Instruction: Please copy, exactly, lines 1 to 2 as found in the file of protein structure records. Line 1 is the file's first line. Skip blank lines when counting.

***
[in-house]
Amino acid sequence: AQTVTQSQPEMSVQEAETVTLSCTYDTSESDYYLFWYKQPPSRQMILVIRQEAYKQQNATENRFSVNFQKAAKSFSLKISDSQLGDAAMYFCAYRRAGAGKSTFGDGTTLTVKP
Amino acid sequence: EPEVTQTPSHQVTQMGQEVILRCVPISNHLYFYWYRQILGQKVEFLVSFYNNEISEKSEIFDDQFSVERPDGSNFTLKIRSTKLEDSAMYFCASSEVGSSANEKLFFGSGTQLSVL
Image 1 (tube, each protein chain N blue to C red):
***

[in-house]
Amino acid sequence: AQTVTQSQPEMSVQEAETVTLSCTYDTSESDYYLFWYKQPPSRQMILVIRQEAYKQQNATENRFSVNFQKAAKSFSLKISDSQLGDAAMYFCAYRRAGAGKSTFGDGTTLTVKP